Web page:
The move is part of a government effort to tackle obesity

The move is part of a government effort to tackle obesity

Three UK soft drinks companies have agreed to reduce calories in their products by up to one-tenth as part of a UK Government anti-obesity drive.

GlaxoSmithKline will cut the sugar and calories contents by "up to" 10% in its Lucozade and Ribena brands before the end of the year, UK public health minister Anna Soubry said today (22 January). Irn Bru maker AG Barr also promised to reduce calories in its portfolio, by 5% by 2016.

And Barr's merger partner, Britvic, pledged to launch its J2O brand in a 25cl slim-line can.

The companies were three of eight UK firms that signed up to the Government's Responsibility Deal today, joining existing signatories Coca-Cola Co and PepsiCo. The deal is an effort to 'nudge' companies into changes, as an alternative to legislation.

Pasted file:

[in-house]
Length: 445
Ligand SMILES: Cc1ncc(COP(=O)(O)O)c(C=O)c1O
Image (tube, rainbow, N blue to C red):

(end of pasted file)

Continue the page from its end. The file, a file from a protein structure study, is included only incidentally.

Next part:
Prior to the announcement, the UK's Food & Drink Federation (FDF) had praised industry attempts to cut sugar from products.

"We are seeing real, measurable results," PepsiCo UK and Ireland president Richard Evans, who chairs the FDF's health and wellbeing group, said today. "UK food and drink manufacturers are acutely aware of their responsibilities - to their customers and employees, and to the environment around them.”

Soft drinks producers have been under fresh pressure this year to take steps to cut sugar from drinks, as well as to improve healthy options for consumers.

Labour, the UK's main opposition party, has called for legal limits on sugar, fat and salt in foods marketed to children, based on OECD figures showing that 26.6% of UK girls and 22.7% of boys are considered overweight or obese.

Last week Coca-Cola launched an advert tackling the issue of obesity in response to criticism over the high sugar content in some of its products.